The globe-like streetlamp outside the window threw light onto the tree that was just barely taller than I was when we moved into our house eight years ago. I noticed that somehow the tree was now grown, or at the very least in the adolescent tree phase, and I couldn’t recall how this had happened.
That night I rested in my daughters’ room long after they slept reflecting on how the tree, through simply staying still, managed to grow.
Each night I surrendered to the calming music, the semi-dark room with light only visible from the open blinds, the street lamp throwing an orange, otherworldly glow over the room. I focused on my breathing and not on all the things I’d done wrong, and I forced myself to stay on those tiny twin mattresses for longer than was necessary.
The urge to run and to do tried to overcome my calm, but my daughters rested content in the fact that I was near. Just being near them, the assurance of my body weight on their beds, offered them calm and made bedtime a meditative period of joy instead of struggle. I wasn’t doing anything or accomplishing any task. Many nights the darkness in their room mirrored the fog in my brain, but still my being, in this moment, was enough for them.
The evidence that it should be surrounded me, in our growing tree, our somewhat broken house. The tree and the house didn’t struggle or run around trying to prove their worth. They withstood storms, anchored and strong even when they were thrown around or dealt with blows that punctured them and let the outside elements seep through the cracks.
The tree never violently tried to root itself upward. In the stillness, it grew. And our house, with all of its problems, was still standing, and I loved it more for its flaws most days. Those flaws were proof of life, and the temptation to offer a false representation, an image rather than a reality to the appraiser said more about me than I wanted to admit.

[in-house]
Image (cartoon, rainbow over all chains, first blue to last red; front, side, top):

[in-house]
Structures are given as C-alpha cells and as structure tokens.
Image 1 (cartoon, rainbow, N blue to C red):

Weeks later our loan closed, the appraiser placing a value on our home higher than I ever imagined he would. I looked around and saw the ugly, all I would change, the failing parts, and that’s how I see myself. It’s my motivation for moving, for doing, for refusing to acknowledge how rough the bad days are until I reflect on how badly I treated everyone else. Then I try to check an item off my list as penance, an evil cycle that is helping me none.
That stillness, I am still learning it, how I can be more at times by doing less, how I am not less because I’m not moving. There is a time for stillness, and I think it’s often we need it and infrequently that we seek it out. But I’m seeking more.
Our house, with all the crayon marks and water damaged baseboards, it’s still standing. The tree, subjected to hail damage and horrid winds, it is too. And as I prepare for my next hearing test, still fighting emotions I can’t subdue, I am comforted by those facts, that these structures remain by simply being and aging in the everyday struggles of life. They are still standing, and so am I.
About the Author
Kristy Ramirez writes fiction, nonfiction, poetry, love letters and grocery lists. Her work has appeared online in Literary Mama, Parent.Co, and SheLoves Magazine, among other places. She lives in Texas with her husband and four children and is trying to finish her first novel. Catch up with her on Twitter or on her blog, Lives In Progress.